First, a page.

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What the Samurai Can Teach the Startup
The Samurai Game is a unique “leadership and teambuilding simulation”, created by George Leonard in 1977. Its aim is to “significantly deepen individual and organizational awareness, leadership effectiveness and team cohesion”. The game was managed by licensed facilitator Mohamed El-Haw.
Mohamed started proceedings by giving a brief description of the Samurai, an ancient Japanese warrior class whose role was to serve and protect. The Samurai did this by following a code of ethics that was “all about honour” and putting the group before the individual regardless of status. Remnants of this code of ethics are still visible in modern Japan; for example a manager at Sony that fails their employees will resign or take 100% of the blame.
Mohamed then explained the mechanics of the game. At this point I am honour bound not to mention any of the details of the game, as that was part of the code of ethics all participants agreed to. What I can say is that there are two teams, they fight, and there is a winner. Fighting is between an individual from each team, it involves a test of skill, and the loser “dies.” After the “battle” there is a debrief, and this is where light is shed on the lessons learnt. I honestly can’t explain more, other than it is an intensely introspective experience. Oh, and face muscles can get a person “killed” all too easily in the game!
The game is designed to make the individual see:
- To what degree they are willing to act decisively and with integrity to get the results they say they want and need.
- What principles and core values they stake their life and success on.
- How well they function in the face of uncertainty and unfairness.
We saw during the game the destructiveness that comes when members of a team, or even members of the enemy, do not have the same core values. We learnt quickly who to trust within our team; who acted honourably in the opposition; how we reacted to peer pressure; how we dealt with our own limitations; and how a person can go above and beyond their own limitations when a team is depending on them.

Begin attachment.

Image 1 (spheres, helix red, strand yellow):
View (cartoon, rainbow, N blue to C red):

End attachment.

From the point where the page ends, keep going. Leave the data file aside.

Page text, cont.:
The game is versatile enough to focus on specific outcomes, for example increasing team cohesiveness, teaching resource management, or as was the case here, learning how to figure out our real values, and how these values affect our decisions. This is an important lesson for any business, especially a startup. Make sure you share core values, or you’ll be pulling the company in contradicting directions.
Mohamed himself was an able moderator, calm throughout, he guided people with respect, and this is important as this is one of those situations that can make people question their own values and beliefs. Mohamed is a founder of the start-up training consultancy BrainQuil, who offer corporate clients a variety of training and development options. They can also tailor a Samurai Game specifically for a company for a certain outcome. Of course the corporate rate will be much much greater than the EGP 250 that was charged for the individual generic game here.
The Samurai Game has been around for a while, but it fits neatly into the modern gamification trend. Continual learning and the ability to team build are common traits for an entrepreneur, and what better way to learn than during a game.
Omar Aysha is an AUC graduate, then video game developer, turned business IT consultant then serial entrepreneur, turned writer. He is now developing a few media projects.
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